All was good for the first couple hours. Then, all of a sudden, my phone GPS quit. I pulled over to try and see what was going on, thinking that perhaps we were just going through a bad cell reception area or that something similar had occured. But that wasn’t it. I realized I had lost connectivity entirely and couldn’t reconnect. I tried rebooting and all the normal troubleshooting tricks. Nothing worked.

I later learned that the issue was caused by an automated security alert that had triggered my carrier to mistakenly turn off my international service. I also learned that there was no way to fix it until I got back to the US (and wouldn’t need it anymore). Because of security precautions, the only way to clear the issue was to call the carrier from my cell, however, I obviously couldn’t do such a thing (at least until I got back to the U.S.) because my international service had been shut off. Argh!

More frustrating still, at least at the time, was that we had already driven away from the airport and turning back to the rental car place to request a GPS was no longer a realistic option. 

Furthermore, my companion hadn’t signed up for international service. This was several years ago on the cusp of when international service could still be considered a luxury and was a bit pricer than it is now. So we figured having one phone with international data on the trip was enough. 

All of a sudden, it began to sink. We were about to embark on a logistically complex trip, travelling across three countries, on the “wrong” side of the road nonetheless, in a manual shift car that didn’t have GPS. The trip also involved catching planes, ferries, trains, etc. without cell service and with extremely limited access to wi-fi. There were hotels to confirm, dinner and tour reservations to book. It was a lot.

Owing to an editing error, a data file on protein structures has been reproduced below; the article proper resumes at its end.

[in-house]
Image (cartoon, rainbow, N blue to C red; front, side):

At this juncture, please allow me to communicate just a bit of self-awareness. I completely understand that absolutely everything I’m about to describe is 100% a “First World Problem”. If I seem to be pumping up the drama unnecessarily it’s just for entertainment value. There’s no intent here to portray this as any sort of real problem or crisis in the big scope of real problems and crises in the world. It doesn’t even register as a big personal crisis. Believe me, I am very grateful for the fact that I am privileged enough to fly around the world getting myself into these ridiculous predicaments.